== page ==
Federated Adjustable Rate Securities Fund (IS) FEUGX

Share Classes Product Type Asset Class Category
Mutual Fund Fixed Income Short-Term Bond
As of 09-30-2017

Market Overview

The pace of economic expansion remained steady during the reporting period, supported by continued employment growth, household spending and low inflation. With the economic environment well within Federal Reserve (Fed) expectations, policymakers announced balance-sheet reduction will commence in October 2017. Fixed-income markets performed well with spread sectors posting positive excess returns, while interest rates were steady and measured quarter-over-quarter.

Nonfarm payroll gains averaged 91,000 jobs per month for the reporting period, a rate which appears to have been distorted downward by multiple devastating hurricanes. The unemployment and labor force participation rates continued their positive trends, ending the period at 4.2% and 63.1%, respectively. Record consumer wealth attributed to rising financial markets, and home prices produced solid consumer spending and business investment. The positive economic backdrop gave the Fed confidence to initiate the first step of a balance-sheet normalization program outlined in June 2017. Beginning in October, the Fed will allow the balance sheet to decline by reducing the rate of Treasury and mortgage-backed security (MBS) reinvestment by $6 and $4 billion per month, respectively. As of Sept. 30, 2017, the Fed’s balance sheet was $4.45 trillion, nearly 25% of U.S. gross domestic product (GDP). The initial taper was clearly communicated, and investors were not surprised at its announcement. While the Fed will be buying fewer Treasuries and MBS, mortgage real estate investment trusts (REITs) were significant buyers of government mortgage securities as a result of new equity share issuance. Equity proceeds are invested in mortgage assets on a leveraged basis, producing significant buying power for the trusts. REIT and domestic bank purchases produced strong excess returns for MBS. Securitized assets performed well during the quarter with asset-backed securities (ABS), commercial mortgage-backed securities (CMBS), agency and corporate debt posting positive excess returns.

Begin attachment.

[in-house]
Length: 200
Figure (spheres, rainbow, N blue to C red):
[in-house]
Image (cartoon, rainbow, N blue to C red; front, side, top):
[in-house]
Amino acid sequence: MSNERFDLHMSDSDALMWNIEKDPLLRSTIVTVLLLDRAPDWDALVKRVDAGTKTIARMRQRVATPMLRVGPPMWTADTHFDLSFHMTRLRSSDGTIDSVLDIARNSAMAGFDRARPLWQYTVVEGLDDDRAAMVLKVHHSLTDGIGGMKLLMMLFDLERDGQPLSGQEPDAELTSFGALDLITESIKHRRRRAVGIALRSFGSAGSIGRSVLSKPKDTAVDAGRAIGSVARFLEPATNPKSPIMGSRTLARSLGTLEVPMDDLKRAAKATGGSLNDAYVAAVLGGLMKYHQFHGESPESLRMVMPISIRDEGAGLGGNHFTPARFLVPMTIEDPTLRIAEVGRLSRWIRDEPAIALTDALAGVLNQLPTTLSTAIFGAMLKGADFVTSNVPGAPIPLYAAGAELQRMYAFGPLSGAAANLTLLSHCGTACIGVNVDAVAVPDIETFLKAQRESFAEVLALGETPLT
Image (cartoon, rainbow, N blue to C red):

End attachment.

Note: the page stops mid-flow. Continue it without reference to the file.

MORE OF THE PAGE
Two- and 10-year U.S. Treasury yields increased 10 and 3 basis points to yield 1.48% and 2.33%, respectively.

Fund Performance

For the three months ended Sept. 30, 2017, Federated Adjustable Rate Securities Fund (Institutional Shares) returned 0.25% versus 0.25% for the BofA Merrill Lynch 1-Year US Treasury Note Index. The Institutional Shares’ net asset value (NAV) on Sept. 30, 2017, was $9.67.

Performance data quoted represents past performance, which is no guarantee of future results. Investment return and principal value will fluctuate so that an investor’s shares, when redeemed, may be worth more or less than their original cost. Current performance may be lower or higher than what is stated. Other share classes may have experienced different returns than the share class presented. To view performance current to the most recent month-end and for after tax returns, click on the Performance tab.

Click the Performance tab for standard fund performance.

Adjustable-rate mortgage (ARM) and monthly adjustable collateralized mortgage obligation (CMO) floater securities performed well with minimal price volatility as reflected by the unchanged fund NAV. With the stable NAV, total return was attributed to fund income, which was greater than that of the benchmark. Sector allocation was beneficial.

Positioning and Strategy

Over 93% of fund assets are invested in ARMs and monthly adjustable CMOs. With the Fed instituting rate hikes, monthly adjustable securities indexed off the 1-month London interbank offered rate (Libor) incorporate the higher target rate very quickly, resulting in higher security coupons and fund income. Simultaneously, the monthly reset feature reduces price volatility in a slowly but steadily rising-rate environment, helping the fund produce income with low volatility. Monthly reset floaters complement the ARM pass-through securities, which contain longer reset intervals but offer incrementally higher yield.